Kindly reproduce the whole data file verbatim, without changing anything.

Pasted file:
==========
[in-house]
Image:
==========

[in-house]
Image: